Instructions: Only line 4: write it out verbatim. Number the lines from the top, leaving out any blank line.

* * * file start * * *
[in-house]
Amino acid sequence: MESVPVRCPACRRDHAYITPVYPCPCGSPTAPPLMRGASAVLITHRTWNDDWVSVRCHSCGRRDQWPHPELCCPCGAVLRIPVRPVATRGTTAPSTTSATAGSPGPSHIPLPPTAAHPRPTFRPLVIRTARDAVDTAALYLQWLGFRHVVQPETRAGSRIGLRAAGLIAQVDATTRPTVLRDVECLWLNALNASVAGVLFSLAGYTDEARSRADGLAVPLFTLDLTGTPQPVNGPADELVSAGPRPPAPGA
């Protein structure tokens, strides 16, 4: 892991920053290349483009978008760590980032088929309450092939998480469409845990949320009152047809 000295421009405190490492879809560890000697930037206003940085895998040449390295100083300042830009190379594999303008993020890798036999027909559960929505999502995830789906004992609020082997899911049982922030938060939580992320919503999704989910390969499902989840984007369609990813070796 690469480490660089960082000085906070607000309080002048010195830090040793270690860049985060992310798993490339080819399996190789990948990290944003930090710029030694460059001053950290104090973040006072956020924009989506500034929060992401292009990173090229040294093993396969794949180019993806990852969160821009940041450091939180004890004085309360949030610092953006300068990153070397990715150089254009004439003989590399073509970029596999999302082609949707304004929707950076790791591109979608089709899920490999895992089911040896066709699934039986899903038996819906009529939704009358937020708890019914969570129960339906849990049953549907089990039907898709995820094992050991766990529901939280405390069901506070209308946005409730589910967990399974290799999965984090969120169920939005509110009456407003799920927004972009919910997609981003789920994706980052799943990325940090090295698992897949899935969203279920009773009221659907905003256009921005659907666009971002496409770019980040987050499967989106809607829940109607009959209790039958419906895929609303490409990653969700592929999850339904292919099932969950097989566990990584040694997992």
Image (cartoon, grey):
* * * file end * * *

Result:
Image (cartoon, grey):